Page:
By Joel Hillan
LAKEWOOD, Colo. — Five-year-old Dylan knows exactly what he wants to be when he grows up.
“A paleontologist,” said Dylan.
And boy does he know his dinosaurs.
“Well, I like Carcharodontosaurus, Ganeosaurus and Pterodaustro.”
It was on a trip to dinosaur museum that Dylan had his first encounter with firefighters.
“Last summer, I had a medical emergency. We were out at a dinosaur museum and West Metro responded and they were amazing with Dylan and amazing with me,” said Dylan’s mother Jenn Ray.
Saturday, Dylan and other kids on the autism spectrum were able to take a special tour of the fire station.
“It is still just a sigh of relief when you kind of give the knowing nod to parents who understand that he’s just having a rough time and they’re not going to judge me — whether they think I’m just giving him his way or being a neglectful parent — it’s just, he’s having a rough time right now and I’m doing the best I can to get him back to being in a good place,” said Ray.
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The idea was conceived and executed by West Metro Fire District Lieutenant Paramedic Jasen McConaghy who also has a son the spectrum.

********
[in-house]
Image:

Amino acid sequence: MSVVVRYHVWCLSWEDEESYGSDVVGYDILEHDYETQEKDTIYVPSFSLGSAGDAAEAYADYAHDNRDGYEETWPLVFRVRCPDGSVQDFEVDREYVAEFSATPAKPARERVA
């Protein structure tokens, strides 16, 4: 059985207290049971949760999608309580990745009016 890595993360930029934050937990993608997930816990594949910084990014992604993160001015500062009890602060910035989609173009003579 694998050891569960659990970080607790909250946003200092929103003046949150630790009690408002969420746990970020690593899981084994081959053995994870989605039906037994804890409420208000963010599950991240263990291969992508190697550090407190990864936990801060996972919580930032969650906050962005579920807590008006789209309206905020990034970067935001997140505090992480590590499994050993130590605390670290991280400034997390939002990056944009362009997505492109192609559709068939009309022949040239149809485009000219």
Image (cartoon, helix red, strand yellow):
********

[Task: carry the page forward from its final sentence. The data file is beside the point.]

“I wanted parents to be able to come here to bring their children and have a good time because all kids love fire trucks and I wanted the parents to have the ability to say, ‘if my child doesn’t have a great day or is throwing a fit or is screaming that there is no judgement here,’ that they can stay for as long as they want and have as much fun as they want,” said McConaghy.
A morning of fun, learning and understanding.
“Hopefully, some day, we can help make this easier for everybody. But I just want the community to know that West Metro Fire District is here to support them in whatever way that we can,” said McConaghy.
April is Autism Awareness Month.